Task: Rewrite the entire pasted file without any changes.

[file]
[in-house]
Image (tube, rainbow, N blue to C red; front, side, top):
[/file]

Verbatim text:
[in-house]
Image (tube, rainbow, N blue to C red; front, side, top):